• 52°

Sparks fly as city still miles apart on budget

Strain showing across his suntanned face, 30-year Ironton employee Mike Pemberton left knowing about his future exactly what he knew at the beginning of the night - nothing.

"I'm going home," Pemberton said with a sigh to Mayor John Elam following city council's nearly four-hour meeting Thursday that left Pemberton and an angry audience with more questions.

The meeting centered on finding a 2005 budget before it is too late. The problem is "too late" happens to be Tuesday and lots of debate, discussion and bickering produced few tangible results.

Pemberton, the city's street, sanitation and flood superintendent and code enforcement officer Karl Wentz and meter maid Carolyn Sheridan are stuck in limbo because one plan calls for their positions to be eliminated.

"I would like you to look at these two men in their eyes and tell them, do they have jobs or not," council chairman Jim Tordiff said to his fellow members. "I don't think that is too much to ask."

All the uncertainty swirled because council had two plans on the table. A proposal sponsored by councilmen Tordiff and Chuck O'Leary balanced the budget by including a $15 per month, per household fee this year. Changes include hiring three additional police officers, two street workers, to keep the swimming pool open, funding the port authority, keeping the parking meter department in place and using some of the $543,177 carryover for equipment replacement.

The other proposal, sponsored by Jesse Roberts and Brent Pyles, focuses more on cuts. Their plan would eliminate the building code officer and the flood/street/sanitation superintendent positions. It would also remove the parking meter department and pass a $3 per month fee to fund the flood prevention system

Tordiff and O'Leary's plan was defeated 5-2, much to the disgust of the 30 or so audience members who shouted, hooted and grumbled. The other proposal was given first reading and will be heard again at a 9:30 p.m. meeting tonight and Saturday.

It won't be alone either as Tordiff reintroduced the defeated version in hopes that two members have a change of heart and will still have a reason to discuss it at noon Saturday in a budget workshop.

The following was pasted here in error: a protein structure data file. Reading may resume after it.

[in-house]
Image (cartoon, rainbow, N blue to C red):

Likewise, Mayor Elam said afterwards he hopes that the group comes to its senses because they cannot be seeing what he sees.

"I think (these cuts) are the wrong decision at the wrong time. I think we have our head in the sand," he said. "The community came out in force to support the workers of the city and the vision of what we want to remain. I think it (the budget with cuts) is a giant step, perhaps even a leap, in the wrong direction."

"They are worried about a flood fee but would not have a flood superintendent? To not recognize the work and the work ethic of this workhorse (Pemberton), is very shortsighted."

Fees were a key part of the debate and voting may indicate which budget will be adopted. The $15 fee was voted down but the $3 plan included in Pyles and Roberts' version was adopted 4-3. In addition to O'Leary and Tordiff, Richard Price opposed it. O'Leary called the $3 fee a slap in the face to voters who nixed the levy in November.

The audience made up of employees, retirees and income taxpayers spoke up in favor of the Tordiff/O'Leary plan.

"I think it is a dirty shame that because Bob Cleary didn't get elected mayor you are going to ruin this man's career," South 11th Street resident Patty Brown said. "I would give $100 a month if it meant helping this city and saving these men's jobs."

Ellison Avenue resident Dale Clark agreed.

"The people elected you to do a job. I am embarrassed by what I see," he said.

Police Chief Bill Garland left little doubt about the plan he supported - the one that would add manpower.

"We need at least three officers just to make it safe out here. Not safe for the officers but safe for every person in this room," he said. "That is what the issue is here, not money, but the safety of the citizens of Ironton."

Pyles and Roberts defended the budget by saying it was a way of "thinking outside the box" to look at all options available.

"We had a fiance meeting and the mayor was there. I didn't hear any rebuttal," Pyles said. "We have a responsibility as this council to look at the whole budget."

Tordiff also showed council and the audience a video illustrating the condition of the city's equipment is in. Pemberton narrated as he pointed out piece of equipment after piece of equipment that had no brakes, busted floors or has had to be modified just to be usable.

"The front end on that one is wrecked because the brakes went out and they had to hit the bridge to stop it," union employee Joe Johnson called out of the audience.

Tordiff said the problem has gone on for years but has to stop now.

"How in the world can we put men in equipment like this? Would you want your sons and daughters to go up in a lift that you know just drops sometimes," Tordiff asked.

Once the smoke cleared, little appeared to have changed but the debate will likely resume tonight and continue through the weekend.